Kangaroos FM 335

Texas Hill Country Fall Foliage Motorcycle Ride

Scene along FM 335

Texas Hill Country Fall Foliage Motorcycle Ride

Shadows on Hwy 335

Texas Hill Country Fall Foliage Motorcycle Ride

Sign says “Rust in Peace” FM 337

Today we rode Fm-335 (my second favorite “Sister” of “The Three Sisters”) to Hwy 41 to Hwy 83 to Leakey where we stopped for gas. Just outside Leakey we picked up Hwy 1050 to Utopia. Hwy 1050 is another favorite Hill Country road I enjoy riding. It is also twisty with many great views along the way. Just north of Utopia we picked up Hwy 470 to Bandera. We stopped in Bandera “The Cowboy Capital of the World”. John Hallowell says this about Bandera,“The little town of Bandera has played an enormous role in keeping alive the uniquely American traditions of the Texas cowboy. Perhaps more than any other Hill Country town, Bandera exudes the image of the “Wild, Wild West.” The ruggedly beautiful landscape, the rustic architecture and the enthusiastic presentation of Bandera as the “Cowboy Capital of the World” let visitors know, as soon as they get to town, that this place is unique.”

While in Bandera we had lunch, walked around town and went through the Frontier Times Museum. The Frontier Times Museum was formally opened to the public on May 20, 1933 at a groundbreaking ceremony held on January 1, 1933. Hough LeStourgeon was one of the men who turned stones from pastures into a landmark museum worth treasuring. Today the museum attracts visitors to Bandera interested in the history of the region. Frontier times and customs hold a fascination that endures and the Frontier Times Museum imparts much of that spirit.

From Bandera we rode to Media via Hwy 16 where we picked up FM-337 and headed to Leakey and continued on to Camp Wood. I guess I would say FM-337 is my favorite of the “Three Sisters”, not just because it is twisty but also because it climbs to some of the most spectacular views of valleys and hills. FM-337 should be ridden slowly so that you can enjoy the views but also to keep from being another statistic. There have also been many motorcycle accidents resulting in fatalities on 337.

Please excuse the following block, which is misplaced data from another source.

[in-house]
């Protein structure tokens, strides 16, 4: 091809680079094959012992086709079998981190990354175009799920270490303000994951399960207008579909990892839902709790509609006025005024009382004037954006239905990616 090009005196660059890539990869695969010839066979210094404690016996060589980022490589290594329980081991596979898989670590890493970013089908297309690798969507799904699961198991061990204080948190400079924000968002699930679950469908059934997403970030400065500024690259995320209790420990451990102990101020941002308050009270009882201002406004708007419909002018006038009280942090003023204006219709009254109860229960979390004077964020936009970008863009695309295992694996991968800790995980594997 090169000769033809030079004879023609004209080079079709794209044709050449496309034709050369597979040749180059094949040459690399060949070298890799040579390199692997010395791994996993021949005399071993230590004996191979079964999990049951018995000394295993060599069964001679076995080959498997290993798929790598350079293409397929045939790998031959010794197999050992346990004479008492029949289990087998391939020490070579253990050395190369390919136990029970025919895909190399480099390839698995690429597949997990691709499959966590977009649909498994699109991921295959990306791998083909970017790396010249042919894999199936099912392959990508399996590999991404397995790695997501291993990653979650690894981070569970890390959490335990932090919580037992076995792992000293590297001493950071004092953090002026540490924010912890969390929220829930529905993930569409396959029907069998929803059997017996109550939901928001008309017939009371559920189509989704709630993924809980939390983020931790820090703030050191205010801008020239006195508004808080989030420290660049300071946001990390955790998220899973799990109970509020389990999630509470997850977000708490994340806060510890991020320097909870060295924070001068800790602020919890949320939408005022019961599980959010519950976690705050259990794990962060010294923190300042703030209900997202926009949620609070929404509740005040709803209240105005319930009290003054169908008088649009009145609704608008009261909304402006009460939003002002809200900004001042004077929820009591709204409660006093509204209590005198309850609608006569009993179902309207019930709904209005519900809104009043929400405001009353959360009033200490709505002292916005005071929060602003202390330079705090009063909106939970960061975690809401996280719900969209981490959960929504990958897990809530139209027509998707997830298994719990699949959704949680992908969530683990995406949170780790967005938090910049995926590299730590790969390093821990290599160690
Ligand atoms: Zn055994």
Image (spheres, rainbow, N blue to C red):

Just outside Camp Wood is a pasture with many old tractors, pickup trucks and farm equipment just sitting and obviously rusting away. Someone took a lot of time and effort to build a sign from old metal that read, “Rust in Peace”. Janet just had to stop and take a picture (See above).

Wednesday November 17th   (219 miles)

Texas Hill Country Fall Foliage Motorcycle Ride

Map Day 3

Texas Hill Country Fall Foliage Motorcycle Ride

Hwy 55 Scenic overlook

Texas Hill Country Fall Foliage Motorcycle Ride

Hwy 377 to Junction

This was the last day of our ride. We had breakfast at a new restaurant in Camp Wood. I forget the name of the restaurant but it’s something like Donna’s Bakery & ??. It’s off the main road by the two drive thru liquor stores. Two drive thru stores side by side. That doesn’t make sense in a big town much less the one the size of Camp Wood. We ate dinner at Donna’s the night before and really liked it so we decided to try breakfast too.